Components and measuring tasks in 3D surface metrology are becoming more and more complex. Certain measurement tasks can no longer be solved by a single sensor. In these cases hybrid metrology can shine.
As the word "hybrid" already implies in its origin, measured values from different measurements are "mixed" in order to obtain new information that cannot be measured directly in this way. Such complex applications are often found in wafer processing or complex coatings.
But how does hybrid metrology work now?
Modern 3D surface measuring tools can combine several measuring principles by different point, line, field of view and layer thickness sensors in one device. This makes it possible to solve a measuring task with different sensors by carrying out a measurement with each sensor. The different results are then combined with each other.
The measuring tool and the recipe used must know the complete measuring task and implement it completely. This means that not only the measurements with all the necessary sensors are carried out automatically, but the software also records the different measurement results and calculates the desired parameters from them. An example of an application of hybrid metrology is shown here.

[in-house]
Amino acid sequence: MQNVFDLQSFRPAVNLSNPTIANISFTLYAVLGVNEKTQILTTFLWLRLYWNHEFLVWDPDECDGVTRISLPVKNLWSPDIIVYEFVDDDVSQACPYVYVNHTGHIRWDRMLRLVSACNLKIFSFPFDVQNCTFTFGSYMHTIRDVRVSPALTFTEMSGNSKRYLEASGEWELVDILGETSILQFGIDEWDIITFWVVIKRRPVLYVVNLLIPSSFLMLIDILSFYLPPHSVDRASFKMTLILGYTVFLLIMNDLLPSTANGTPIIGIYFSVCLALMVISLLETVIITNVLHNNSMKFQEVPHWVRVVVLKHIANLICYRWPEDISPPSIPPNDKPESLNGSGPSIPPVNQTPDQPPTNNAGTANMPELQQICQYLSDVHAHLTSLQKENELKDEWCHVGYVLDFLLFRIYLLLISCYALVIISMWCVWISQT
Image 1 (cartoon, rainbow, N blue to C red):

Example: Determination of the opaque copper layer
The present layer system is located on a wafer and consists of an opaque silicon substrate, a transparent oxide layer on top and an opaque copper layer in a limited area on top. To determine the thickness of the copper layer, the topography sensor measures the thickness of the copper layer including the transparent oxide layer. Furthermore, the thickness of the transparent oxide layer is measured separately with a layer thickness sensor. By subtracting the oxide thickness from the previously determined total thickness, the desired step height of the copper layer is obtained.
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